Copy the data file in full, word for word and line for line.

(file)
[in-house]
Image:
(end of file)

[in-house]
Image: